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EU tables new rules to deter smokers

BMJ 2012; 345 doi: http://dx.doi.org/10.1136/bmj.e8660 (Published 21 December 2012) Cite this as: BMJ 2012;345:e8660
  1. Rory Watson
  1. 1Brussels

All cigarette packets sold in the European Union will have to carry larger and clearer health warnings, under draft legislation presented by the European Commission on 19 December.1 The commission also proposes a ban on the use of strong flavourings such as vanilla, strawberry, and menthol to mask the taste of tobacco.

The wide ranging proposals look to strengthen existing pan-European rules on tobacco dating back to 2001 and aim, by lessening the glamour associated with smoking, to prevent young people from taking up the habit.

Presenting the planned new restrictions, Tonio Borg, the EU health commissioner, said, “The figures speak for themselves. Tobacco kills half of its users and is highly addictive. With 70% of smokers starting before the age of 18, the ambition of today’s proposal is to make tobacco products and smoking less attractive and thus discourage tobacco initiation among young people.”

The latest proposal takes account of the World Health Organization’s Framework Convention on Tobacco Control, which all EU countries have ratified and which came into force in 2005. It also follows a widespread public consultation by the commission that elicited 85 000 responses.

However, doubts about the commission’s determination to meet its pledge to table new legislation on tobacco products by the end of 2012 surfaced in late October, when the previous health commissioner, John Dalli, unexpectedly resigned.2 The resignation prompted fears that the proposal might not be approved by the time of the European parliamentary elections in June 2014 and would have to be reintroduced into the new legislature, leading to further delays in its implementation.

Dalli’s sudden departure came after an investigation by the EU’s antifraud office into bribery claims involving Swedish Match, manufacturer of a brand of the oral tobacco product snus, which is legal in Sweden but banned elsewhere in the European Union. Dalli strongly rejected any allegations and has taken legal action.

His successor and fellow countryman, Borg, Malta’s former foreign minister, who only took up his new post at the end of November, emphasised that the commission would stick to its commitment.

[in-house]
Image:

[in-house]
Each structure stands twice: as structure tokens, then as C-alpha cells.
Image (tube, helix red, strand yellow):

“The European Commission had promised a proposal on tobacco products by the end of 2012, and that’s what I’m presenting today to health ministers and the European parliament,” he said as he outlined the new restrictions.

These will require all packets of cigarettes and roll your own tobacco to contain a combined picture and text health warning covering 75% of the front and back of the package. Current information on tar, nicotine, and carbon monoxide, which is considered to be misleading, will be replaced by a statement on the side of the pack that tobacco smoke contains more than 70 substances that cause cancer.

The draft legislation does not propose plain, standardised packaging, as Australia has recently introduced,3 but individual EU governments may introduce it if they wish.

It also covers nicotine containing products, such as electronic cigarettes. Below a certain nicotine threshold they could be sold over the counter as long as they contain health warnings. Above that threshold they would have to be authorised as medicinal products. The EU ban on snus, apart from in Sweden, would remain.

Antismoking campaigners have given a generally warm welcome to the proposals. Deborah Arnott, chief executive of the UK group ASH (Action on Smoking and Health), said, “There is a lot to welcome in the proposed updated directive . . . Despite efforts by the tobacco industry to scupper the directive, there should be sufficient time for it to be considered and passed by the current EU parliament.”

To become law the draft proposal must be approved by the European parliament, which is planning to organise an initial public hearing on 25 February, and by EU member governments. If adopted in 2014 it would come into force a year or 18 months later.

Notes

Cite this as: BMJ 2012;345:e8660

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